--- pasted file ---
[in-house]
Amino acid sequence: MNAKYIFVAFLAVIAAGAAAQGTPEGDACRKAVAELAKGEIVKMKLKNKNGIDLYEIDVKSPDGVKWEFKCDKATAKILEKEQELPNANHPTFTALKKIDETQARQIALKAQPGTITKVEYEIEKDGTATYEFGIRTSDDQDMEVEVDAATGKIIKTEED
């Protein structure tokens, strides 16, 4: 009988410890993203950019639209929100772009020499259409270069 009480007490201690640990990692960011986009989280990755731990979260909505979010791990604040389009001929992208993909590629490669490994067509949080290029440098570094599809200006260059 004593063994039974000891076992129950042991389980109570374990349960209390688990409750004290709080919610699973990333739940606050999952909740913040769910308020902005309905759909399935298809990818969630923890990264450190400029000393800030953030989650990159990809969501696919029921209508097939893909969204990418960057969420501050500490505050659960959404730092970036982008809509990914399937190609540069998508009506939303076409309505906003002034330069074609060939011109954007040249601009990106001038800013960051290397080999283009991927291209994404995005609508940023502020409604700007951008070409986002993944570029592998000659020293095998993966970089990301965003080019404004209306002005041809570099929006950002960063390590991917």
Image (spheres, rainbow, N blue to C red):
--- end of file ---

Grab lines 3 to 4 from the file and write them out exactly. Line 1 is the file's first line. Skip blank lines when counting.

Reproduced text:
């Protein structure tokens, strides 16, 4: 009988410890993203950019639209929100772009020499259409270069 009480007490201690640990990692960011986009989280990755731990979260909505979010791990604040389009001929992208993909590629490669490994067509949080290029440098570094599809200006260059 004593063994039974000891076992129950042991389980109570374990349960209390688990409750004290709080919610699973990333739940606050999952909740913040769910308020902005309905759909399935298809990818969630923890990264450190400029000393800030953030989650990159990809969501696919029921209508097939893909969204990418960057969420501050500490505050659960959404730092970036982008809509990914399937190609540069998508009506939303076409309505906003002034330069074609060939011109954007040249601009990106001038800013960051290397080999283009991927291209994404995005609508940023502020409604700007951008070409986002993944570029592998000659020293095998993966970089990301965003080019404004209306002005041809570099929006950002960063390590991917």
Image (spheres, rainbow, N blue to C red):